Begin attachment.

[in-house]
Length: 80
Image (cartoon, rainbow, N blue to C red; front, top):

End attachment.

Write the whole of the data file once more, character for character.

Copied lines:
[in-house]
Length: 80
Image (cartoon, rainbow, N blue to C red; front, top):